Sixteen climate activists were arrested after attempting to protest overnight at the Museum of Modern Art (MoMA) in New York City tonight, September 15, according to advocacy groups Climate Defenders and New York Communities for Change (NYCC). The activists were among approximately 50 demonstrators who staged actions at the museum earlier in the day to condemn MoMA’s ties to private equity firm Kohlberg Kravis Roberts (KKR), which has invested heavily in fossil fuel projects. Henry Kravis, co-founder of KKR, is the husband of MoMA Board Chair Marie-Josée Kravis; the couple has donated tens of millions of dollars to the museum, which named its fourth-floor performance space after them. MoMA closed its lobby for over two hours after activists blocked the institution’s ticketed entrances.
Alicé Nascimento of NYCC told Hyperallergic that the group arrived around 3:20pm and refused to leave, demanding that MoMA Director Glenn Lowry meet with Wet’suwet’en First Nation leaders. As in the June protest, participants of today’s action hailed from a range of climate activism groups including Extinction Rebellion, the Climate Organizing Hub, and Honor the Earth. It also included members of the Wet’suwet’en First Nation in Canada, whose territory has been threatened by the construction of the Coastal Gaslink Pipeline, which is partially funded by KKR.
The New York City Police Department confirmed in an email to Hyperallergic that 16 protesters were taken into custody for trespassing at approximately 9:35pm. The Museum of Modern Art has not responded to Hyperallergic’s request for comment.
Beginning at 1:15pm today, a group of around 50 protesters gathered outside of MoMA’s 53rd Street entrance, chanting “KKR, shame on you, we deserve a future too” and “Hey, ho, Coastal Gas has got to go!” It’s the second climate action at MoMA in recent months — in early June, a group of activists crashed the museum’s annual benefit gala, also demanding Kravis’s resignation.
Two Wet’suwet’en Nation hereditary chiefs delivered speeches, both alleging that KKR “kills water, kills wildlife, and kills our way of life.” At the end of their speeches, the two chiefs walked toward the museum and handed a letter to a security guard demanding Kravis’s resignation. They left in a black Escalade parked at the curb.
“People in this building are responsible for the climate chaos,” Gina Peltier, a member of the Turtle Mountain Band of Chippewa who flew in from Michigan, told Hyperallergic. She is an organizer for Honor the Earth and explained the Coast Gaslink pipeline’s effect on water quality. “We’re hoping that holding this rally today will gather people’s attention to the tragedy that’s unfolding in front of our eyes.”
In response to Hyperallergic‘s inquiry, a spokesperson for KKR sent the following statement: “We are committed to investing in a sustainable energy transition, one that supports a shift to a clean energy future while recognizing the ongoing importance of supplying the conventional energy needed for well-being, security and economic growth around the world today.”
The protesters disbanded before 2pm but reassembled later, around 3:20pm, inside the museum lobby. They sat in a line to block the entrances, leading chants of “Hey MoMA, get off it, put the planet over profit” and “Henry Kravis is a climate criminal.” The blockade continued with a drumming performance and louder chanting — “Drop KKR, MoMA, drop KKR!” yelled the activists.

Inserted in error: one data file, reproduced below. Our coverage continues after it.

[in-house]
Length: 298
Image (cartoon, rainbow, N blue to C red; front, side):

On MoMA’s second level, a group of protesters dropped a banner with the same slogan. Nearby on the ground floor, others staged a “die-in” while Refik Anadol’s AI installation “Unsupervised” (2023) played behind them, draping the room in an eerie orange light.
Within 25 minutes, the museum had closed access to the lobby. The activists continued undeterred. Security officers filed visitors down an escalator to a second exit. The protesters sat only feet away from the bottom of the escalator as confused museum patrons descended. In an especially telling interaction, a visitor asked a guard whether Kravis was a “fossil guy.” “Well, he owns a lot of companies,” the security officer responded. The blockade continued until the museum closed at 5:30pm, with a smaller group remaining on premises where the 16 activists were eventually arrested later in the evening.
Last night, a climate protest at CitiBank ended with the arrests of at least 24 people. This and the MoMA demonstration are part of a string of climate actions in New York that started at BlackRock on Wednesday, September 13 in advance of Climate Week in the city. According to a press release, the demonstrations have culminated in a total of 46 arrests at all three institutions.
“Instead of meeting with Indigenous leaders, MoMA leadership decided to [have] 16 activists arrested and shut down their own museum,” Climate Organizing Hub Director Jonathan Westin told Hyperallergic. “This is such a failure of leadership by MoMA, to not even engage with their own role in perpetuating the climate crisis.”
Marie-Josée Kravis succeeded disgraced financier Leon Black as MoMA’s board chair in 2021. In a statement published on Hyperallergic, hundreds of artists called for Black’s removal over his financial links to convicted sex offender Jeffrey Epstein. Black, who was accused of sexually assaulting a teenager in Epstein’s Manhattan townhouse in a federal lawsuit filed this July, remains a MoMA trustee.
Editor’s note 9/15/23 10:55pm EDT: This article has been updated with new information regarding the arrest of 16 activists.
Edtor’s note 9/16/23 11:26am EDT: This article has been updated with comment from NYPD.